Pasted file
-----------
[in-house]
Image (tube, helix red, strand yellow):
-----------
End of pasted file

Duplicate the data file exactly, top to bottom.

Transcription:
[in-house]
Image (tube, helix red, strand yellow):